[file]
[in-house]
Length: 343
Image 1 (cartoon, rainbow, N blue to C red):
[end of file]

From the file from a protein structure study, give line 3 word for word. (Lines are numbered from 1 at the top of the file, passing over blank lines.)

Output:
Image 1 (cartoon, rainbow, N blue to C red):